The Philosophy of Metamathematical Results (21-22 January 2022)
Idea & Motivation
Since Gödel published his work on incompleteness, subsequent contributions to its implications have spawned a huge area of research that is still active today. This conference will give both historical insights and a reappraisal of Gödel’s work as well as an overview of newly developing research. The conference offers peers a chance to be up to date with current research and network with other researchers in the field.
This event is part of the worldwide UNESCO World Logic Day celebration.
|Friday, 21 January
|14:30 - 15:30||Hannes Leitgeb: A Finitistic Semantics for Mathematics|
|15:30 - 16:30||Lucas Rosenblatt & Camila Gallovich: Theories of paradoxicality|
|16:30 - 17:00||Break|
|17:00 - 18:00||Graham Priest: Perspectives on the Universe|
|18:00 - 19:00||Juliette Kennedy: Book Presentation: Gödel’s Incompleteness Theorems (Spring 2022, Cambridge University Press)|
|19:00 - 20:00||Roundtable|
|Saturday, 22 January
|10:30 - 11:30||Lavinia Picollo: On Arithmetical Pluralism (with Dan Waxman)|
|11:30 - 12:30||Balthasar Grabmayr: Can we turn metamathematical results into representation-independent insights?|
|12:30 - 14:00||Lunch Break|
|14:00 - 14:30||Roundtable|
|14:30 - 15:30||Volker Halbach: Soundness and Completeness.
|15:30 - 16:30||Øystein Linnebo: Weyl and Two Kinds of Potential Domains (joint work with Laura Crosilla)|
|16:30 - 17:00||Break|
|17:00 - 18:00||Albert Visser: Interpreter Logics|
|18:00 - 19:00||Eva-Maria Engelen: The Position of Mathematics in Kurt Gödel’s Philosophical Notebooks. An Appetizer to Reading ›Maxims IV‹|
|19:00 - 20:00||Roundtable|
Is mathematics (arithmetic, analysis, set theory,...) committed to the existence of infinitely many objects? The aim of my talk will be to argue the answer is: No.
For that purpose, I will introduce a new semantics ("role semantics“) according to which mathematical statements can be understood as having only finite ontological commitments. I will assess the semantics, show that its properties are similar to those of standard Tarskian semantics, and hence conclude that there is not much disadvantage in interpreting mathematics by the new semantics. At the same time, the finitistic role semantics does not come with any epistemological benefit: if anything, our epistemic access to finitistic models of mathematics is mediated by standard infinitary ones.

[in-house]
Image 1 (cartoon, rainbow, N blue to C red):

A lot has been written on solutions to the semantic paradoxes, but very little on the topic of general theories of paradoxicality. The reason for this, we believe, is that it is not easy to disentangle a solution to the paradoxes from a specific conception of what those paradoxes consist in. In this talk we go some way towards remedying this situation. We first address the question of what one should expect from an account of paradoxicality. We then critically evaluate a number of accounts that have been offered in the literature. Our main goal is to argue in favor of a Kripke-inspired conception of paradoxicality. According to this conception, a statement is paradoxical if it cannot obtain a classical truth-value at any fixed-point. In order to assess this proposal rigorously we provide a non-metalinguistic characterization of paradoxicality and we analyze whether the resulting account satisfies a number of reasonable desiderata.
Joel Hamkins has advanced a well known view to the effect that there is no unique universe of sets. There is simply a plurality of such universes. We have, then, a pluriverse. A natural objection to this view is that there is still a single universe: the totality, V, in which all the members of the pluriverse find themselves. In this paper I consider a reply to the objection, to the effect that there is no such thing as V in itself. Rather, each member of the pluriverse simply gives a different perspective on what V is. This view is then generalised in the light of mathematical pluralism. What emerges is a vastly expanded, and logic-neutral view of the pluriverse.
Juliette Kennedy (Helsinki): Book Presentation: Gödel’s Incompleteness Theorems (Spring 2022, Cambridge University Press)
This talk will discuss my recent book on the incompleteness theorems for the Cabridge Element series. The book takes a deep dive into Gödel's 1931 paper, giving the first presentation of the Incompleteness Theorems. It considers the main ingredients of Gödel's proof: arithmetization, strong representability, and the Fixed Point Theorem in a layered fashion, returning to their various aspects: semantic, syntactic, computational, philosophical and mathematical, as the topic arises. It considers set-theoretical incompleteness, and finally considers some of the philosophical consequences considered in the literature.
For this talk in particular, special attention will be devoted to i) the semantic content of the Incompleteness Theorems; and ii) the question whether the incompleteness of e.g. Peano Arithmetic gives immediately the undecidability of the Entscheidungsproblem, as Kripke has recently argued.